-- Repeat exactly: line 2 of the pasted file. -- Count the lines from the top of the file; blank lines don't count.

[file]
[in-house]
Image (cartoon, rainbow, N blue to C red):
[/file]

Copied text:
Image (cartoon, rainbow, N blue to C red):